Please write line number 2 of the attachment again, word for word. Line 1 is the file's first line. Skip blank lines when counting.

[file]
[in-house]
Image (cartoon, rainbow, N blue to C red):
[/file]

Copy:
Image (cartoon, rainbow, N blue to C red):